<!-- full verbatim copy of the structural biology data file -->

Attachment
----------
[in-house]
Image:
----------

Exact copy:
[in-house]
Image: